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Bangladesh: Handling a humanitarian crisis

By Tahseen Ali  

Bangladesh Prime Minister Sheikh Hasina knows what it’s like to be a refugee. In August 1975, her father, Sheikh Mujibur Rahman, the founding father of Bangladesh, was assassinated along with most of their family. She and her sister, Sheikh Rehana, were abroad when the attack took place. The sisters were barred from returning to Bangladesh by the military dictatorship that took over the government. They were effectively homeless and stateless for more than six years.

Prime Minister Hasina’s empathy – and history – are major reasons Bangladesh has opened its doors to the Rohingya refugees fleeing persecution in neighboring Myanmar. Starting in August 2017, more than 700,000 Rohingya refugees have been welcomed by Bangladesh where they have lived safely under government protection.

The Rohingya face what experts have dubbed a “slow-burning genocide” – persecuted and murdered because of their ethnicity and Muslim religion.

This ethnocide began when the military seized power in Myanmar in 1962. Since then, the military has systematically stripped the Rohingya of their citizenship rights and began killing and burning them out of their homes in phases – in 1978, 1991 and again last year.

Bangladesh has not only provided sanctuary to the Rohingya but has extended every public service it could to help them survive their ordeal. Even though Bangladesh’s economy has prospered under Prime Minister Hasina’s leadership since 2009, the country’s resources for such a huge undertaking are by no means inexhaustible. In fact, Bangladesh has faced significant financial strains because of its open-hearted humanitarianism. Yet Bangladesh has undertaken this arduous task willingly.

That’s why it’s so distressing when Bangladesh is criticized for its handling of the situation, which is one of the world’s largest humanitarian crises. In his recent article on CNN.com, Michael Bociurkiw, a global affairs analyst, suggested that the prime minister undertook this sprawling effort to win a Nobel Peace Prize. That’s a cynically false assertion that misunderstands the deep feeling about refugees held by Sheikh Hasina.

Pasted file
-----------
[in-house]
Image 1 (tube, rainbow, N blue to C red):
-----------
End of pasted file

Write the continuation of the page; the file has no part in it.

In the same article, a UNICEF official named Alastair Lawson Tancred accused Bangladesh of creating “concentration camps” to house the Rohingya, a reference to Bangladesh’s plans to possibly expand refugee camps onto chars, or islands, in the Meghna River delta.

The expansion would be an act of generosity, not imprisonment. Bangladesh is one of the world’s most densely populated countries. It simply doesn’t have extra room to put upwards of a million additional people. Stable chars could make more-than-satisfactory sites for the refugee camps which, by the way, would have permanent structures, schools, medical facilities and roads – even better than the villages that house Rohingya in Bangladesh now. Calling them “concentration camps” is reckless and inaccurate. They are, in fact, the opposite.  

Bangladesh did not create this humanitarian catastrophe. The military regime in Myanmar did by instigating a genocide against its own people. Prime Minister Hasina and her government are trying to provide the Rohingya with shelter, food, clothing and medicine until they can be safely repatriated to their home country. As the recent delay of repatriation plans proves, no one will be forced to return.

A few armchair second-guessers from outside the country have complained about Bangladesh’s implementation of its aid plan for the Rohingya. But most observers understand the magnitude of Bangladesh’s charity and have praised the prime minister for her good works.

In late September, the prime minister received two prestigious awards recognizing Bangladesh’s response to the Rohingya crisis. The United Nations Inter Press Service Agency presented her with its International Humanitarian Award. In addition, the nongovernmental-organization-collective Global Hope Coalition conferred on her its Special Distinction Award for Leadership.

Both groups – and many others including the European Union – agree that she has shown exemplary courage in dealing with Bangladesh’s unfriendly neighbor to the east and in extending the hand of friendship to the Rohingya people. Her calm, steady handling of this potentially explosive situation has prevented the crisis from enveloping the wider South Asia region.

Bangladesh has given far more than its fair share to help the Rohingya and will continue to do so until they are repatriated. Now it’s the turn of the international community to do more as well.

The story of refugees around the world is a very sad one. But Bangladesh offers a different and much more positive example. Prime Minister Hasina and her government are teaching the world how to handle a humanitarian crisis with sober resolve and compassion.

Tahseen Ali teaches history as a faculty member of the Houston Community College System and is the author of a forthcoming book about the British Empire in the Indian Subcontinent.  

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